Although, unlike its US counterpart, China’s Ministry of Commerce has not yet published a list of US entities that would be the target of retaliation, the implementation of China’s Export Control Law may provide China with ample ammunitions to counter US export control measures targeting China. Among others, it formally introduces trade concepts such as embargoes and  “blacklists,”; it allows national export control authorities to conduct an assessment of countries and regions where controlled items are exported, identify the level of risks, and take corresponding control measures; it makes it possible for national export control authorities to ban the export of certain items or to certain countries or regions or to certain persons (both individuals and entities), in order to “safeguard national security”; finally the law assert extraterritoriality, which means that China’s new export control regime, if and when the extraterritoriality is enacted, will impact businesses within and outside China that deal with Chinese controlled items.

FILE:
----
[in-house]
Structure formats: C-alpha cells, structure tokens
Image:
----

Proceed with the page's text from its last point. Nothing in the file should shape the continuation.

All these features provide a legal framework and ample discretion for China to impose export control measures whenever it wants. Together with licences, controls and the like, they make the compliance to the China’s new export control regime a very time consuming, cumbersome and uncertain process for the firms involved.


Winners and losers in the trade war

In the short term: Winners in the US:  domestic steel and aluminium producers, other protected industries and the US government (through the tariff revenues). But these gains are more than compensated by losses of millions of consumers plus the losses of producers who suffer from the price increase of their inputs.

Winners in the rest of the world through export re-direction and supply-switching: some advanced countries (EU, Canada, Australia), Mexico and Argentina in Latin America; Vietnam, Malaysia, South Korea, Taiwan, Singapore, India, Pakistan and Thailand in Asia.

Losers: these gains are more than compensated in the US by losses of millions of consumers plus the losses of producers who suffer from the price increase of their inputs. China appears to be a big loser altogether, apart from the tariff revenues accruing to the government.